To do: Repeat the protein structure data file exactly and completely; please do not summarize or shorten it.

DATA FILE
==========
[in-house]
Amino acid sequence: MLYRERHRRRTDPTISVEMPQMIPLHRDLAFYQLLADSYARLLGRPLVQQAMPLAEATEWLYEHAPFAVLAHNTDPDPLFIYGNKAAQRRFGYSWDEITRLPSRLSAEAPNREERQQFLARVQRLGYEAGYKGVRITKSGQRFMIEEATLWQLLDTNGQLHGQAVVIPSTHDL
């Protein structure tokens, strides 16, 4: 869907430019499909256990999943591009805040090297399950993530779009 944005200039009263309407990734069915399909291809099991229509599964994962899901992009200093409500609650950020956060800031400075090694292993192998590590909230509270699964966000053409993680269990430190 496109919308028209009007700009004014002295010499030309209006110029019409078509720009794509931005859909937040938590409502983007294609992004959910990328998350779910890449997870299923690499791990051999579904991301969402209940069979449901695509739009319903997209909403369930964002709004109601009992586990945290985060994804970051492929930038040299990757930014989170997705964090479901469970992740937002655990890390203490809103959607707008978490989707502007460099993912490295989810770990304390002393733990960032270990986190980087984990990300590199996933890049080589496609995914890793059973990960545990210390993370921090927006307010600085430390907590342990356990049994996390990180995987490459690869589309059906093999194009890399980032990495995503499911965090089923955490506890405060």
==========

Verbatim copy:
[in-house]
Amino acid sequence: MLYRERHRRRTDPTISVEMPQMIPLHRDLAFYQLLADSYARLLGRPLVQQAMPLAEATEWLYEHAPFAVLAHNTDPDPLFIYGNKAAQRRFGYSWDEITRLPSRLSAEAPNREERQQFLARVQRLGYEAGYKGVRITKSGQRFMIEEATLWQLLDTNGQLHGQAVVIPSTHDL
């Protein structure tokens, strides 16, 4: 869907430019499909256990999943591009805040090297399950993530779009 944005200039009263309407990734069915399909291809099991229509599964994962899901992009200093409500609650950020956060800031400075090694292993192998590590909230509270699964966000053409993680269990430190 496109919308028209009007700009004014002295010499030309209006110029019409078509720009794509931005859909937040938590409502983007294609992004959910990328998350779910890449997870299923690499791990051999579904991301969402209940069979449901695509739009319903997209909403369930964002709004109601009992586990945290985060994804970051492929930038040299990757930014989170997705964090479901469970992740937002655990890390203490809103959607707008978490989707502007460099993912490295989810770990304390002393733990960032270990986190980087984990990300590199996933890049080589496609995914890793059973990960545990210390993370921090927006307010600085430390907590342990356990049994996390990180995987490459690869589309059906093999194009890399980032990495995503499911965090089923955490506890405060």